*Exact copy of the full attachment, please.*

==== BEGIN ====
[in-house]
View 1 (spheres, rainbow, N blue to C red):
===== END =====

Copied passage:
[in-house]
View 1 (spheres, rainbow, N blue to C red):